For sheer survival in that rather hostile world filled with saber-tooth tigers and other predators (not to mention unfriendly humanoid neighbors), appropriate sexual dimorphism, that is, gender differences, already present in the forbearing genus, was enhanced with social rules. Some members of the tribe, those with more physique du role and potential for aggressive acts, were located in the periphery and kept an eye outward, i.e., from where both risks and food for all would come. There were defined as the protectors of the collective and the hunters, bringing to the clan its most nourishing sustenance –concentrated proteins and fat in the form of animal meat. For males to look at each other, even to be too interested in another man’s musing, would have been risky, as it would distract them from the most instrumental task at hand: keeping an eye for enemies and for food. And when those individuals would make an incursion into that unknown and dangerous territory beyond the enclave, for reasons of hunting or scouting for a more friendly environment, it was also for the best collective interest that they maintain vigilance in silence rather than obscuring possible sounds of danger with too much conversation, or missing visual clues of risk by facing each other. They were bound to look outward, sitting or standing in parallel and in relative silence, with only occasional eye contact. Nevertheless, these scouts seem to have been highly bonded among them and with the collective. They would bring back the core nourishment, and distribute it, they would risk their lives to be defenders and caretakers of the tribe, and, sometimes, they were porters of the young children during seasonal migrations (as many male primates and current hunter-gatherer groups are).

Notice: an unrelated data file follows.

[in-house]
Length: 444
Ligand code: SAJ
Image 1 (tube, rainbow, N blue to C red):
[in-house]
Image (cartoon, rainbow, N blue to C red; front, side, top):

In turn, there were members of that tribe that had other tasks at hand, namely, the “nesting”, that is, the creation and maintenance of the group’s basic lodging and heat needs, the production of needed garments through weaving or curing furs, the collection of staples with less caloric value but easier to preserve, such as grain, and, even more important, the never-ending task of child-bearing, rearing and caring. For that purpose, face-to-face collaboration was essential among them, as mutuality and social closeness maximized many of those tasks. To consider one essential activity, the more collective the task of early child-rearing under harsh conditions, the better the chance of survival of the infant (this has been shown to be the case in studies about the collective habits of many anthropoids.) The distribution of tasks was clear, differential and functional. It should be underlined again that this is not a rational behavior ab initio, but a generic imprinting that was complemented with the structuring of behavior in terms of social norms. The budding societal rules of these groups evolved in fit with gender-specific tendencies and cultural distribution of roles, providing interdependence between preservation and innovation that optimized the tribal circumstances and needs.